The US needs to finally learn and adapt

If all of this sounds familiar, that’s because it is. When Covid-19 first reached the US last year, experts called for federal leadership to help build up sufficient personal protective equipment for health care workers and coronavirus testing capacity for the whole country. Back then, the Trump administration took the same approach it’s taken now: suggesting these are largely local, state, and private issues, and that the federal government’s proper role is limited. On testing, Trump’s plan explictly argued the feds were merely a “supplier of last resort.”

At the time, this led to huge supply chain problems with both protective equipment and testing. But it was also a missed opportunity: If the Trump administration took a different approach to getting enough masks and tests, it could have built the kind of infrastructure and expertise needed to deal with supply chain problems now as they pop up with the vaccines. In doing so, it could have also relieved some of the strain local and state agencies feel today as they’re forced to juggle multiple tasks — giving them more room to work on getting a vaccination effort right instead of all the other things that they’re burdened with.

“We should have learned from [personal protective equipment]. That should have been corrected and applied to the test kits,” Sanders said. “We should have learned from the testing, then applied that to [vaccines]. None of it was learned. None of it was corrected.”

But even as problems have continued popping up, the Trump administration has continued taking a limited view of the federal government’s role.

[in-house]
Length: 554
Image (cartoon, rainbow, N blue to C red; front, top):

Experts say that must change. “For all this pandemic has taught us and cost us, it has demonstrated again that we are the United States and, especially in crisis, an effective federal government is essential,” Jha wrote in the Washington Post.

That’s what’s working in Israel, as the country has quickly vaccinated at 10 times the rate as the US. The health ministry in the country has worked closely with all levels of government, ensuring that doses get out to as many people as possible as quickly as possible. It’s not a coincidence that Israel has led much of the world in Covid-19 testing capacity as well.

President-elect Joe Biden, for his part, has promised a more hands-on approach: offering more guidance to agencies nationwide, using the Defense Production Act to make more vaccine doses, and creating mobile units to administer the vaccine in undercovered areas, among other proposals.

Some Republican lawmakers are demanding more action, too. “That comprehensive vaccination plans have not been developed at the federal level and sent to the states as models is as incomprehensible as it is inexcusable,” Sen. Mitt Romney (R-UT) said in a statement, further calling for a new national plan to speed up the vaccination process.

Beyond better coordination, some experts have called for more fundamental changes to how vaccines are distributed. Some have pushed for delaying the second dose that the currently approved vaccines require, so those doses can instead be administered to people who haven’t gotten any vaccine at all. Yet others point out that the evidence only supports a two-dose regimen — that’s what the clinical trials tested — and some worry not providing the full protection of two doses could make it easier for the virus to mutate and become resistant to a vaccine.

But such a change and others like it would have to begin with the kind of adaptive federal leadership and guidance that the US doesn’t have right now.

Whatever the country does, it’s a race against time. With each day, Covid-19 deaths are adding up. As the virus continues to spread and replicate, the chances it mutates into a more contagious or deadlier form increases (which the potentially more contagious B.1.1.7 variant demonstrates). As people get more fatigued with the pandemic, they’re more likely to ease up on restrictions, further speeding up the spread of the coronavirus.

America has spent much of the pandemic repeating the same mistakes, whether it’s reopening too early or failing to embrace the role of the federal government. The US now has one last chance in this pandemic to correct course — and potentially save thousands of lives in the process.

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America’s messy Covid-19 vaccine rollout, explained – Vox.com